Thunder Bay – TECH – Two Lakehead University professors are each receiving significant research funding from the Social Sciences and Humanities Research Council of Canada. In total, the amount represents more that $470,000 of funding
Dr. Jian Deng from Civil Engineering is receiving a $237,970 grant under SSHRC’s New Frontiers in Research Fund: special call on innovative approaches to research in the pandemic context.
Over one year, Dr. Deng and his team will explore new approaches in probabilistic slope stability analysis, which is how a civil engineer examines if the angle of a slope in a roadway, bridge or dam will result in that structure failing.
During the COVID-19 pandemic, traffic volumes to collect soil sampling have been cut down by road closures. The access to laboratories, libraries, and archives has also been limited to very few personnel and very short periods of time.
“The objective of this proposal is to explore novel approaches in probabilistic slope stability analysis and design under small, censored samples due to the pandemic,” Dr. Deng said.
This research will contribute significantly to the advancement of knowledge and technologies associated with probabilistic slope analysis and design. Enhanced understanding of the slope failure mechanism will inform protocols and measures, by proper soil stabilization measures, to avoid slope disasters.
This research will benefit the construction and excavation industries in Canada.
Dr. Nicholas Ravanelli from Kinesiology is also receiving a one-year grant under SSHRC’s New Frontiers in Research Fund: special call on innovative approaches to research in the pandemic context – for $237,730.
Dr. Ravanelli and his team will examine the way vulnerable people behave and their physiological responses to heat waves.
“The rise in mortality during heat waves primarily occurs at-home rather than in-hospital or medically supervised settings,” Dr. Ravanelli said.
“This highlights the urgent need to evaluate how human behaviour and physiological responses to heat stress in personal dwellings increases the risk for heat-related complications.”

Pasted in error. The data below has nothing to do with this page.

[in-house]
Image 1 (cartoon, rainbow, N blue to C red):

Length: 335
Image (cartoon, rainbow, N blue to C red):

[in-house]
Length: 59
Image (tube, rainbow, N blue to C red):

Advancements in wearable sensors, web applications, and internet-connected devices offer a unique opportunity to transform traditional data collection equipment to monitor the indoor and outdoor environmental conditions along with each person’s behavioural and physiological responses in real-time during heat waves.
The transition from laboratory to an at-home data collection approach is timely – since the COVID-19 pandemic has resulted in limitations to patient-engaged research.
Dr. Ravanelli said these at-home environmental and health monitoring solutions may identify the primary factors influencing heat-related complications in vulnerable populations and provide greater telemedicine diagnostic precision for individuals who lack immediate access to health-care services.
“This could potentially enable early detection for heat-related complications and personalize resilience strategies during heat waves,” he said.
Dr. Andrew P. Dean, Lakehead’s Vice-President, Research and Innovation, congratulated both researchers and thanked SSHRC for this valuable funding.
“Research has continued during the pandemic and new avenues for research projects have emerged,” Dr. Dean said.
“Both of these projects are timely and very applied as we continue to see how research helps society to deal with the direct and indirect effects of the pandemic.”
Source: Lakehead University